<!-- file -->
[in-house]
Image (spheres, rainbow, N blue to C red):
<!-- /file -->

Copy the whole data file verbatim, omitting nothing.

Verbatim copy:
[in-house]
Image (spheres, rainbow, N blue to C red):